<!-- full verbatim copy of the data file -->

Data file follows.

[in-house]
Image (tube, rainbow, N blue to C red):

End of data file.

[in-house]
Image (tube, rainbow, N blue to C red):